By: Joy Marini, Director Corporate Contributions, Johnson & Johnson
A few months ago, I was sitting in a room full of “dai-moms” -- lay midwives in Dhaka, Bangladesh. These women are amazing. One of the most intriguing things about them is how they keep track of their activities. They use knotted ropes that they tuck carefully into their waistbands. Many of these midwives cannot read or write, so they keep an account of all births that they attend with the rope of tiny knots. Every knot represents a birth. Every knot represents a life. The dai-moms even remember who is represented by each knot and return to the families for newborn checks. Our partners -- Narigrantha Prabartana and the Global Fund for Women -- support these dai-moms with education, camaraderie and motivation, all of which are in short supply in the harsh, remote environments where the dai-moms work.
Dai-moms struggle every day on the front lines of our current health care worker shortage. These trained – and powerful– lay women attempt, as best they can, to fill the severe and chronic gap of skilled birth attendants that plagues most of the developing world – particularly in Bangladesh where three out of every four women give birth with no skilled assistance. Sadly, though not at all surprisingly, the maternal mortality rate in Bangladesh is one of the highest in the world—there are 320 maternal deaths per 100,000 live births. In a more industrialized nation, such as the United Kingdom, there are only 8 maternal deaths per 100,000 live births. If it were not for the dai-moms, the rate in Bangladesh would be even higher.
A dai-mom is the perfect example of a “frontline health worker” who is the first -- and often the only - link to health care for millions of people living in the developing world. These women are the midwives, health extension workers, clinical officers, community health workers and in some cases, doctors and pharmacists positioned to be a critical resource for life-saving care to families in need. According to the WHO, there is a shortage of at least one million frontline health workers in the developing world, particularly in Africa and parts of Asia. Millions more existing health workers could save many more lives if they received better support, equipment and were trained in new skills and tasks. Not only are frontline health workers the backbone of effective health systems, they are the most immediate and cost-effective way to save lives and accelerate progress on global health and the Millennium Development Goals (MDGs).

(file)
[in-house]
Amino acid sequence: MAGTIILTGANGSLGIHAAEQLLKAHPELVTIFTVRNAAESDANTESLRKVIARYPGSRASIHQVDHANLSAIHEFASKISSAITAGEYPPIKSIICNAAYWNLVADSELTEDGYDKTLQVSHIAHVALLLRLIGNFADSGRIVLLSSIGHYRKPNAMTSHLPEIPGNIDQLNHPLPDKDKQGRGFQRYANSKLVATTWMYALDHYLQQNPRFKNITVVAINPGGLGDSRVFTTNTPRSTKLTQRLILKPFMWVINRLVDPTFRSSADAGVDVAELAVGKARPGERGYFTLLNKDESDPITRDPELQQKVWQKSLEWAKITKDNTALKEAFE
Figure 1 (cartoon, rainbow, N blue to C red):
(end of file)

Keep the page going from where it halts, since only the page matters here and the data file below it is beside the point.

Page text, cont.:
At Johnson & Johnson we have made a firm commitment to the advancement of the MDGs, and as part of that, we joined in partnership with governments, the private sector and civil society to support the Frontline Health Workers Coalition as it issued the “One Million Health Workers Challenge." This is a new and diverse coalition urging greater and more strategic investment in frontline health workers in the developing world as the most cost-effective way to save lives and improve global health. Its vision is that everyone has access to basic preventative and curative health care by skilled, supported and motivated frontline health workers – like dai-moms.
Being as resourceful as they are, dai-moms use whatever is available to make their beautifully knotted strings -- a scrap of a well-worn sari, a string that once tied a bundle of vegetables. Some of these strings have hundreds of knots. The One Million Health Workers Challenge will work to support the dai-moms – and all the frontline health care workers – to fortify their ranks and give them the ammunition they need to battle our most pressing global health challenges.